Be sure to forget to watch Jack Morris and John Smoltz talking Game Seven on MLB Network this Sunday

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I sure know that I’ll forget to watch it!

MLB Network’s MLB’s 20 Greatest Games continues on Sunday, May 8 at 7:00 p.m. ET when Jack Morris and John Smoltz join series hosts Bob Costas and Tom Verducci to discuss Game Seven of the 1991 World Series between the Atlanta Braves and Minnesota Twins, which is ranked second in the series. In a showdown featuring two teams that finished last in their divisions the previous year, Morris and Smoltz discuss the intensity of this series, the crucial missed opportunities by both teams to break a scoreless tie, and the famous pitchers’ duel that developed over ten innings.

A preview is here.

I know I’ve mentioned this before, but for complicated reasons involving a trip home from college to visit my girlfriend that weekend and a big hassle parking my car out at the remote undergraduate lot when I got back to town that weekend, I didn’t actually see this game. I listened to much of it on the radio though, including the ending. And it was heart-wrenching enough with no pictures. I subsequently saw a replay of it, and that was hard enough. To think that I’m going to sit through an extended autopsy of it, even 20 years later, is crazy.

But if you’re not a sick and damaged Braves fan like me, you probably do want to watch it. Given that it, you know, was an awesome game from an objective perspective. And it has, like, a ton of  historical significance.

Grr.

Kershaw-Sale anything but a pitcher’s duel

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World Series Game 1 was billed as a battle of aces, the Dodgers’ Clayton Kershaw against Chris Sale of the Red Sox. Between them, they have 14 All-Star Game nominations. Kershaw has won three Cy Young Awards. Sale could his first Cy Young Award this year. Among his 10 seasons with at least 110 innings pitched, Kershaw has never posted a sub-2.92 ERA. Sale has been at 2.90 or below in each of the last two seasons. The two have combined for over 4,000 career strikeouts and both have averaged better than a strikeout per inning over their careers.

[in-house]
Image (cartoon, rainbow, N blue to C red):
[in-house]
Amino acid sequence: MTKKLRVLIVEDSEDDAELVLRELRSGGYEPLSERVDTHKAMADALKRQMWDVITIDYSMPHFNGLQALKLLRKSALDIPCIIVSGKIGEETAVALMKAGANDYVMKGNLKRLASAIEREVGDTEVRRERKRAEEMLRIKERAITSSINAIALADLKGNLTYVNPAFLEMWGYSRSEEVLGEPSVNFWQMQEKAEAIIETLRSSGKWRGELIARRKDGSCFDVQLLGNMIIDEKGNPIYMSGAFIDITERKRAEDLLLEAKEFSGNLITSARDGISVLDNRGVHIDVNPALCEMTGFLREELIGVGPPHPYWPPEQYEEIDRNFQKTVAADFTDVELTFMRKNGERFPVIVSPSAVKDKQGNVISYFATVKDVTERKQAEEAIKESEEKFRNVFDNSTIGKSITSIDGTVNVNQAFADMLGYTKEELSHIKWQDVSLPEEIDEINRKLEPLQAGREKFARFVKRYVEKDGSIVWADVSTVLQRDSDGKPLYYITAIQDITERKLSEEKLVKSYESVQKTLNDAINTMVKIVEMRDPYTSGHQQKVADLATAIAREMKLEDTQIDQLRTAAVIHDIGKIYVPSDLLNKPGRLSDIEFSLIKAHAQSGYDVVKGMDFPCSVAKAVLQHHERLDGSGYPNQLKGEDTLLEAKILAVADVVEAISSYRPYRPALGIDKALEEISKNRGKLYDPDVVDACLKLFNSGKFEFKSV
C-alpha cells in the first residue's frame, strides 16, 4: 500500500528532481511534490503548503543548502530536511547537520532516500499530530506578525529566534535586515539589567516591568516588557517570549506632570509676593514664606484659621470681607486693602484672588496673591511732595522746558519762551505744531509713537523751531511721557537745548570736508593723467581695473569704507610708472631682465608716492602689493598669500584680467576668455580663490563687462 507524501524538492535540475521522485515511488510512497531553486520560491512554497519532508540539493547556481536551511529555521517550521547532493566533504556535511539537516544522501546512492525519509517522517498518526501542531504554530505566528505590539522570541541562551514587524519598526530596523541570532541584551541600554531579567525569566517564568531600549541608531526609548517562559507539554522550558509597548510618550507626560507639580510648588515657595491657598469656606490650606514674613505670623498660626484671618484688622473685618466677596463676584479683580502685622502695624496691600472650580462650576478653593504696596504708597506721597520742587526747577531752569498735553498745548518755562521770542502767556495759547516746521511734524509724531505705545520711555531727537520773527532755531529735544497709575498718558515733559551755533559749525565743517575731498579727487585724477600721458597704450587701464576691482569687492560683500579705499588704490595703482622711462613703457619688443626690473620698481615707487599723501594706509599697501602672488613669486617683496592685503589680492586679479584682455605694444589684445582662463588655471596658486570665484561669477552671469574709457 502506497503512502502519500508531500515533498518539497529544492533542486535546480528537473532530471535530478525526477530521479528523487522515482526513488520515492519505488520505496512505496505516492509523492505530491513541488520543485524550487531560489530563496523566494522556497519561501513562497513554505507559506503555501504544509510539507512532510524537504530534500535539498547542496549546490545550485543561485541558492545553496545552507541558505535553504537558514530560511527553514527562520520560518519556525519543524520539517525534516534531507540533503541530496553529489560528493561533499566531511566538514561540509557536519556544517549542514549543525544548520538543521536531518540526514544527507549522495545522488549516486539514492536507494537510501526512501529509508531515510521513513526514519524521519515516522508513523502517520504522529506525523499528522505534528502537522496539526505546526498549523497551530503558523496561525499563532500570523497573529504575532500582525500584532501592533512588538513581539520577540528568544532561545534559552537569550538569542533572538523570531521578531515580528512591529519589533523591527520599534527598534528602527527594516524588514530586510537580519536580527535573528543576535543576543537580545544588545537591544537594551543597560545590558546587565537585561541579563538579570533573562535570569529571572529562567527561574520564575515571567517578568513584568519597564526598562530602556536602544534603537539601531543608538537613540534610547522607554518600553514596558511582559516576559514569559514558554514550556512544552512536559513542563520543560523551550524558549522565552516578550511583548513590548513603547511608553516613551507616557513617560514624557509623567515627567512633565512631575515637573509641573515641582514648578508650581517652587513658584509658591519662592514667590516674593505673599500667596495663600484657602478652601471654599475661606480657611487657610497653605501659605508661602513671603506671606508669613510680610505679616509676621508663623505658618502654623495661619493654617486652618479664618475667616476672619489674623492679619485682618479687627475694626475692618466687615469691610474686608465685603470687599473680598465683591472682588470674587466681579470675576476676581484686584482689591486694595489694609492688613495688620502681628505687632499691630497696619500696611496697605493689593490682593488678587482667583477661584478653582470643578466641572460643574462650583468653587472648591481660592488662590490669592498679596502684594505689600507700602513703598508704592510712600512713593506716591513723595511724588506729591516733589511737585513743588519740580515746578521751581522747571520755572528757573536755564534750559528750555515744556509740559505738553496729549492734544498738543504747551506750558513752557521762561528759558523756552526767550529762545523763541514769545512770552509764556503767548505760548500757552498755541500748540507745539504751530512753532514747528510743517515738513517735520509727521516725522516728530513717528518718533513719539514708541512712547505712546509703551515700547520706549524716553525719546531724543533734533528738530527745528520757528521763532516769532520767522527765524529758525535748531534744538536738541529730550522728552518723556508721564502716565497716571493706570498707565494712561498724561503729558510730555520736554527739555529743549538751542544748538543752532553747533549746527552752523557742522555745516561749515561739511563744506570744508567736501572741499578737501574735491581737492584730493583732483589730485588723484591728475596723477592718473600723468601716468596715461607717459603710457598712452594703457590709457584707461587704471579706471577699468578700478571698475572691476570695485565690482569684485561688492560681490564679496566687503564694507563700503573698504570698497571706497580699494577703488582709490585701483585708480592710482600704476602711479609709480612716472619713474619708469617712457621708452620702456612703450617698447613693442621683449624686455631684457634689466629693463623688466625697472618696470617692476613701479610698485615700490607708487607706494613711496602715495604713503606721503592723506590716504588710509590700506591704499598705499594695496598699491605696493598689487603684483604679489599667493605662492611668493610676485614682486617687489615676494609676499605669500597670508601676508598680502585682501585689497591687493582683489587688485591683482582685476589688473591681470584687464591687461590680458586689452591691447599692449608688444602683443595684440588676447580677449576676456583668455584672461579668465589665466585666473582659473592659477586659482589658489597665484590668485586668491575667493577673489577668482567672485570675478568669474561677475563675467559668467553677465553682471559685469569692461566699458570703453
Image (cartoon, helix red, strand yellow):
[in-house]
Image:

And yet Tuesday’s Game 1 was anything but a pitcher’s duel between Kershaw and Sale. Though a couple of fielding mistakes weren’t of any help to Kershaw in the first inning, Red Sox batters were squaring him up good. Of the five balls put in play in the first inning, three had exit velocities of 100 MPH or higher. Of the 12 total balls put in play against him overall, five reached triple digits in exit velo.

Kershaw gave up a pair of runs in the first, another run in the third on a J.D. Martinez double to straightaway center field, and another two in the fifth. Kershaw led off the fifth by walking Mookie Betts, then giving up a single to Andrew Benintendi, ending his night. Ryan Madson relieved Kershaw and proceeded to allow both inherited runners to score. All told, Kershaw yielded five runs on seven hits and three walks with five strikeouts on 79 pitches in four-plus innings.

Sale, meanwhile, was on the hook for individual runs in the second, third, and fifth. Dodger hitters weren’t squaring him up quite as well as the Red Sox batters squared up Kershaw, but Sale was still more hittable than usual. Of the eight balls put in play against him, four were at least 90 MPH in exit velo. One of the runs was a no-doubt solo home run to Matt Kemp in the second. The Dodgers chased Sale in the fifth when he issued a leadoff walk to Brian Dozier. Matt Barnes relieved him allowed the inherited runner to score. Overall, Sale threw 91 pitches in four-plus innings, serving up three runs on five hits and two walks with seven strikeouts.

The game is now, as has been generally the case throughout this postseason, a battle of the bullpens.